The Grass is Greener, but the Weeds are Taller

Often, as visitors come to the farm for the first time, they make a comment about how beautiful things are, and in general, I agree.  A dairy cow with her calf, fifty or so chickens scratching in the dirt, a few hives of honeybees, and a bounty of garden produce makes for a pretty compelling image.  Certainly that is what I hoped to create when I started the farm five years ago.  However, I now feel like it is time to reevaluate my plans for next year and beyond.

Daisy and Penny

When I made the decision to expand our family garden into a small scale farm with approximately one acre of land under cultivation it seemed like a logical and reasonable decision.  We loved the food we were producing in our small raised beds, and we had plenty of land, so why not grow more and sell some on the side to family, friends, and neighbors?  Clearly this represented a much bigger time commitment and work effort, but I didn’t mind.

The problem came when I started making decisions based on economics, trying to maximize farm revenue versus optimizing the variety of vegetables we consume.   For example, in our area there seems to me an almost infinite demand for heirloom and cherry tomatoes, and it is much easier to grow a lot of tomatoes versus growing a huge variety of vegetables and finding a market for them.  Therefore, I planted over 200 tomato plants this year (which requires a lot of work to water, weed, and harvest), and ignored many things that our family enjoys eating.

My Plans for Next Year

Ironically, this is what I wrote a few months ago in Towards Truly Local Agriculture:  Starting Your Own Garden:

When my wife and I moved into our home nine years ago, we had no plans to become farmers.  Our first year, we set up a modest backyard garden, something that many of you may be considering. We built nine 4’x4’ raised beds and three 25’x3’ rows, giving us approximately 400 square feet for planting. If you have space limitations don’t worry – Based on our experience, it is possible to grow significant quantities of food in a small area.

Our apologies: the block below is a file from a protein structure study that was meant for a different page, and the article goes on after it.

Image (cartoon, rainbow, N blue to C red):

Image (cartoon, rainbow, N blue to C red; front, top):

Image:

Next year I plan to revisit my original farming objective, growing the best food for my family and building high quality soil.  I will absolutely keep the cows, chickens, and bees, but will scale down the vegetable garden dramatically.  Instead of trying to farm on one acre, I will reduce the growing area to one-tenth that size.  With an improved focus, I should be able to do a much better job of keeping the weeds at bay, improving the quality of my soil, and incorporating a plan for crop rotation.

So, for those of you gardening in small spaces and realizing prolific harvests, I look forward to rejoining you and rekindling my love for growing vegetables.

Categories: The Liberty Garden


Robb Wolf’s 30 Day Paleo Transformation

Have you heard about the Paleo diet and were curious about how to get started? Or maybe you’ve been trying Paleo for a while but have questions or aren’t sure what the right exercise program is for you? Or maybe you just want a 30-day meal plan and shopping list to make things easier? Then Robb Wolf’s 30 Day Paleo Transformation is for you.